Badminton | Other Sports

A quick guide to the All England championships

Cheerful: India hopefuls and coach Gopi Chand are a happy lot after a training session.V.V. Subrahmanyam  

What is it?

The All England Open badminton championships is one of the oldest sports tournaments in the world. Started in 1899 with only doubles — men’s, women’s, and mixed — the championships, organised by the Guildford Badminton Club, added singles a year later. Its journey over the last 120 years has been eventful; its legend has only grown.

So, it’s kind of a big deal?

Well, it was considered the unofficial world championships till 1977. After the Badminton World Federation started grading tournaments, All England was slated as a Super Series event in 2007 and upgraded to the Super Series Premier category in 2011. This edition, beginning on March 14, is expected to attract record viewers from all over the world, especially India.

What makes it special?

“It’s so magical — where do you stop and where do you start,” asks tournament director Chris Miller, who as a fan hung around the railings to get his T-shirt signed by players. Four-time men’s champion Lee Chong Wei says, “Every year I come here, I feel like I am playing at home. You can feel that it’s way different than any other badminton tournament.”

Former women’s champion Camilla Martin says, “It’s special; there is so much tradition,” while English player Fontaine Chapman says, “I think it is just the atmosphere, the buzz that the players create around it.”

To sum up, the tradition, the little details that go into the tournament’s hosting, and the trust and awe it evokes among the players make it what it is.

Where is it played?

Since it was first held at London Scottish Regiment Drill Hall in London in 1899, the tournament has been shifted eight times. It has been played at the National Indoor Arena in Birmingham since 1994.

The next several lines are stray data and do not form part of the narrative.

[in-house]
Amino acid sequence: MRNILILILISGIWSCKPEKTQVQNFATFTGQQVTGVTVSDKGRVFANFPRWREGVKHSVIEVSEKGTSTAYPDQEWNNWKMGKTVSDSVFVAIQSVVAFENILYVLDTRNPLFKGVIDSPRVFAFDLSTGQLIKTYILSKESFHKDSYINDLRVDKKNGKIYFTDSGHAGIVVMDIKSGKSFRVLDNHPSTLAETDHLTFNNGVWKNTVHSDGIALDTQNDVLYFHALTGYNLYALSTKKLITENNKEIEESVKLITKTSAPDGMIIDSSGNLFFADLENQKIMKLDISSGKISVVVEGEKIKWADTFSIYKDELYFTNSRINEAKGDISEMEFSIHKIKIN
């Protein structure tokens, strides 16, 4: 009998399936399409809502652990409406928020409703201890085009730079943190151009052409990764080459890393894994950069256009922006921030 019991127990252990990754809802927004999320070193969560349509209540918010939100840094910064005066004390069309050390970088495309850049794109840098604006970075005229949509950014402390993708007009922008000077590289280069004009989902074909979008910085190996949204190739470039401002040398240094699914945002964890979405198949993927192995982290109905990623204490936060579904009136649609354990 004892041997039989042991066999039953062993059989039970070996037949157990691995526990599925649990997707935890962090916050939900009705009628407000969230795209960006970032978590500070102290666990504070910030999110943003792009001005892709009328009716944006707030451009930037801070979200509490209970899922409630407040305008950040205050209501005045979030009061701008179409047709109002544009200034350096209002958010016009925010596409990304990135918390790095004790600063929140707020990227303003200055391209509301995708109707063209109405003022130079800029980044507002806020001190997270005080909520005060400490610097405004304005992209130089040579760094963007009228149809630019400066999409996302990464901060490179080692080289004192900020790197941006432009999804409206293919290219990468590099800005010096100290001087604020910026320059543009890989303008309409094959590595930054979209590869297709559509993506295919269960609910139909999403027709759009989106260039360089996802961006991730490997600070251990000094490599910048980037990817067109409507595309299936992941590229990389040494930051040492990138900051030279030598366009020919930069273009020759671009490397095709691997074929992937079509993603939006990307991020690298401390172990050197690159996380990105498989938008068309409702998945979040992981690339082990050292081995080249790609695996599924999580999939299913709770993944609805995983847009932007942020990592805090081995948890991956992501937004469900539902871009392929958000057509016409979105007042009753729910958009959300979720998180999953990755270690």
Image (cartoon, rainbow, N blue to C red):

Who start favourites?

The absence of World No.1 Viktor Axelsen (ankle injury) has thrown the door wide open. Defending champion Lee Chong Wei may be 35, but his work ethic and fondness for Birmingham’s courts make him the clear favourite. Former champions Lin Dan and Chen Long will be eager to stamp their authority, too.

Taiwan’s Tai Tzu-Ying, the women’s top seed, is favoured to defend her crown. Former champion Carolina Marin, healthy again, will be keen to silence her critics. Akane Yamaguchi, who won the year-ending Dubai Super Series final, is on a high.

What about the Indian singles players in the mix?

Fourth seed P. V. Sindhu and the unseeded Saina Nehwal lead the Indian challenge.

Saina has a tough start — she faces top seed Tai in the first round — but that hasn’t affected her ambition. The former World No.1 says she wants to win the All England crown for “Indian women”. Prakash Padukone (1980) and P. Gopi Chand (2001) have triumphed at the tournament before, but India awaits its first female champion.

Sindhu, meanwhile, could run into the reigning world champion Nozomi Okuhara in the quarterfinals.

Of the three Indians in the men’s main draw, only K. Srikanth (3) is seeded. B. Sai Praneeth, who is in the same half of the draw as the absent Axelsen, now has a good chance to enter the last eight. H.S. Prannoy, too, will be eager to scalp a seed or two.

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Printable version | Jan 18, 2021 4:16:33 PM |

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